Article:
What kind of dog was Sam? I can’t tell. Was he “your” dog, a parents dog or … ?

He was a Golden Retriever mixed with Super Genius. Really smart dog. Technically he was my grandparents’, but he was really my dog that happened to live there.

I just took a closer look at that picture. Are you drinking a Lite Beer and fishing??

Actually, I think Sam and I were watching the pole/beer for my Dad or Grandpa. I never liked fishing, though I was the only one who ever caught anything off that seawall.

Where was that picture taken?

In my grandparents’ back yard.

Age 6, so that was some time in 1981? Toss out a favorite TV show, movie and music group for me.

Just one of each?! Sheesh. Bosom Buddies. The Empire Strikes Back. Music wasn’t that that big for me yet. It was either Scott Joplin or the Beach Boys.

Did you have an idol on TV or in the movies?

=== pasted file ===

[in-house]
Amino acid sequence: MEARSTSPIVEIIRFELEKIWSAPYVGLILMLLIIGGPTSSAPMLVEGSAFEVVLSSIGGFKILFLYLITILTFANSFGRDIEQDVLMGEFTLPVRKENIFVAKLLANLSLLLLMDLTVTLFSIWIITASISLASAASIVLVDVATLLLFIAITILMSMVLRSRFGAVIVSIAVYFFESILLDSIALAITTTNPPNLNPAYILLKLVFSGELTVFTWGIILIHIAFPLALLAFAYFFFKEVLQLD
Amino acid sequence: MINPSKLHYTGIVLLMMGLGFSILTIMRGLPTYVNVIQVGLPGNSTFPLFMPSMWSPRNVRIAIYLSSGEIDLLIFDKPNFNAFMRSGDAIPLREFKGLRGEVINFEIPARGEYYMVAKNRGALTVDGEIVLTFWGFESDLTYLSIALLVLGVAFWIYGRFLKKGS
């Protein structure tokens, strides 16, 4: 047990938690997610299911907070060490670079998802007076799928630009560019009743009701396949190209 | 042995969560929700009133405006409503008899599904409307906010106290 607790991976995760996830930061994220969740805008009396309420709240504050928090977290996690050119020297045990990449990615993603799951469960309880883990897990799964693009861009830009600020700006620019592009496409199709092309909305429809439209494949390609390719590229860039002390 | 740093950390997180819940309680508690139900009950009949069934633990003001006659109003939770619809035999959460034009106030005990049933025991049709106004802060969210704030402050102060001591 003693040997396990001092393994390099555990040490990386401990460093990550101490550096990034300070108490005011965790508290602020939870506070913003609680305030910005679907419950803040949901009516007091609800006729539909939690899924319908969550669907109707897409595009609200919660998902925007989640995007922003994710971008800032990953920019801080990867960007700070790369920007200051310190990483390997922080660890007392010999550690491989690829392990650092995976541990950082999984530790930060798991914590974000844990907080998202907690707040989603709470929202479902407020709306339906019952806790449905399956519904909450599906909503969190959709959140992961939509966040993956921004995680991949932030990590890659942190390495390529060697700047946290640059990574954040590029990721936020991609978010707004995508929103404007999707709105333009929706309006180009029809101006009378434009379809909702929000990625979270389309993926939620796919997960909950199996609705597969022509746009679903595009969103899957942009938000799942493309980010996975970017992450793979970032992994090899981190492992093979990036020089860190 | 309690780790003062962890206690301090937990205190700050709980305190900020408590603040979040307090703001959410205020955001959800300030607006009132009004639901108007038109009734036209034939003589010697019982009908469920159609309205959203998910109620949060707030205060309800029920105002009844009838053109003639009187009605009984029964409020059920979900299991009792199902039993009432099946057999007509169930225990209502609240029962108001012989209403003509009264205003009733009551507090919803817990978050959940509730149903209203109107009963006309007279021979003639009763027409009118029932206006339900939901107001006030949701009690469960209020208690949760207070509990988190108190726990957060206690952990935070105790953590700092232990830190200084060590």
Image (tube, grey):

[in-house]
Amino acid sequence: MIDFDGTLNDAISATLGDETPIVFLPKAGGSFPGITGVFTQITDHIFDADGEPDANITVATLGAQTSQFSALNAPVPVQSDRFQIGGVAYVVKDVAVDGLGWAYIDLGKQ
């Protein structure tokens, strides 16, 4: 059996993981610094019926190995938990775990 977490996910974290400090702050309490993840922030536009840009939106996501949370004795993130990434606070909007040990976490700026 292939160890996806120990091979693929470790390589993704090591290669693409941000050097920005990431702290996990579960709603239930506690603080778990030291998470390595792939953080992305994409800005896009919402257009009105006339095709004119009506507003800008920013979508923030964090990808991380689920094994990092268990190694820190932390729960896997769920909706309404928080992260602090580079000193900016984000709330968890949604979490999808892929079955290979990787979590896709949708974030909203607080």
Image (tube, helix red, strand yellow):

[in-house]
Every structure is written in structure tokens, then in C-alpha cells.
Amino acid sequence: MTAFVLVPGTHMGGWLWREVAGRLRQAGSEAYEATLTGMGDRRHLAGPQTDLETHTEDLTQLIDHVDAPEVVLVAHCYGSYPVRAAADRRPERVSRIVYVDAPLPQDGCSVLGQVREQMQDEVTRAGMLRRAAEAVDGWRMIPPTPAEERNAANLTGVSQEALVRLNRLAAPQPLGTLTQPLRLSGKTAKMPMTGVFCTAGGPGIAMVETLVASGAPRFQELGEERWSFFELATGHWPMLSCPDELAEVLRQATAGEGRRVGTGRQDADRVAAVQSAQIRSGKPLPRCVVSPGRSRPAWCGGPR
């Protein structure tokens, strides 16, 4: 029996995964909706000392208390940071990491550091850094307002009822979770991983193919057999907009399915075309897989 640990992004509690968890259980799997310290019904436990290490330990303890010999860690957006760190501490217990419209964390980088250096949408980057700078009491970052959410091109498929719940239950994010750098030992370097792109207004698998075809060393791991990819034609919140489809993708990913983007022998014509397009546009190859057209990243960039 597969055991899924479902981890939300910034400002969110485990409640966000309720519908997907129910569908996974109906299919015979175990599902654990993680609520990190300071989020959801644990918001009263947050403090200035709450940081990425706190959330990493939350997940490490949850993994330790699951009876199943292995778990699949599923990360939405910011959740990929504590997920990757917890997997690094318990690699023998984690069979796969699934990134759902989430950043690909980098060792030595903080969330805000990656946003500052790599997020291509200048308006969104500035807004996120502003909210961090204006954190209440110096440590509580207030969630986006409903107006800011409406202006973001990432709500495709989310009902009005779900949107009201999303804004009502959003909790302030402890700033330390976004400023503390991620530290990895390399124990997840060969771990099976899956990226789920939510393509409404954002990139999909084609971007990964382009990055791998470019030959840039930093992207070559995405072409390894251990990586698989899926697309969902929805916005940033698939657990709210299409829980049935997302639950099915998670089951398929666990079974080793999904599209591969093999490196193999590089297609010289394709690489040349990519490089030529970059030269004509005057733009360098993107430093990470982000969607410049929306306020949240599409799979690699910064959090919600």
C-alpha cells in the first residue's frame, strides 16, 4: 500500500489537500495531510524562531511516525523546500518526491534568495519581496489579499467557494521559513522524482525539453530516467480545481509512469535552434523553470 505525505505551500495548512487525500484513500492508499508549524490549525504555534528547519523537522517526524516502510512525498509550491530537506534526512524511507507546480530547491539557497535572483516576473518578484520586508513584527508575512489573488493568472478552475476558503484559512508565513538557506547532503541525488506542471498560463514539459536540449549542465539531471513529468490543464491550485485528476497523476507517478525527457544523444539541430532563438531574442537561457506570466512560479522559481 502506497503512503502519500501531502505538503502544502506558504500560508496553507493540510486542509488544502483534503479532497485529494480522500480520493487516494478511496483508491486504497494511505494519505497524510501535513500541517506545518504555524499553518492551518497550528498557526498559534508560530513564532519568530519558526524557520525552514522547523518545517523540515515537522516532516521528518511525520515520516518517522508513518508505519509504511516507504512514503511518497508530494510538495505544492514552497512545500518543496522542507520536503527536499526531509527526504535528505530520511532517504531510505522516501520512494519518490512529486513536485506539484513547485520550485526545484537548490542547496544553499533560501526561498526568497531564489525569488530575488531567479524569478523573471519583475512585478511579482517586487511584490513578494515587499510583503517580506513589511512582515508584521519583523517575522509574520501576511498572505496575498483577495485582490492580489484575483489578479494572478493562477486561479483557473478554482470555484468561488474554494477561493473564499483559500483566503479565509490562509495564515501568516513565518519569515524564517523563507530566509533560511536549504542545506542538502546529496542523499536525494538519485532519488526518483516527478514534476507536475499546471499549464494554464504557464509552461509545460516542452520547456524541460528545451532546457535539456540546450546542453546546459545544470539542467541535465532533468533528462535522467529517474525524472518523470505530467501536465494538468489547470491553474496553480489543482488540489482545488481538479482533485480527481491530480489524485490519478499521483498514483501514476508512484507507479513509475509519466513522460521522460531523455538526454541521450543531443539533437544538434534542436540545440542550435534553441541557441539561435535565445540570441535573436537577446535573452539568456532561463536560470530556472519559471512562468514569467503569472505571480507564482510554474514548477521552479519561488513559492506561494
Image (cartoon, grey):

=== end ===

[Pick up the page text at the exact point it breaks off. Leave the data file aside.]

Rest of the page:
Obviously, Luke Skywalker was the end all be all. But there was another side beyond that, it was somewhere between Robin Williams and Bugs Bunny.

Was there any part of your personality as a kid that maybe in hindsight should have been a sign you’d eventually grow up to write and act?

I had an insanely vivid imagination and a helluva memory. I played with kids, but I preferred playing alone. Then my playtime took on another form that evolved into epic magnitude. I mean elaborate with subplots and everything. I’d have days when I couldn’t wait to get home so I could pick up where I left off the day before. Every week was like the Wagnerian Ring Cycle of playtime.

Some might argue that we grew up in a golden age of toys. We had the first small G.I. Joes, the original Star Wars, He-Man and Transformers … what were your favorites? Were you an action figure or a vehicle guy, or both?

Action figures all the way. I had all of those – Star Wars, GI Joe, He-Man – they pretty much came out in waves and followed our ages as we got older. I never got the cars thing. Still don’t. The closest I ever came to cars were Transformers, and I didn’t have many of the automobile ones.